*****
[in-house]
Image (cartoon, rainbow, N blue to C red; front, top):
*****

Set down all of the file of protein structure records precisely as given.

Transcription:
[in-house]
Image (cartoon, rainbow, N blue to C red; front, top):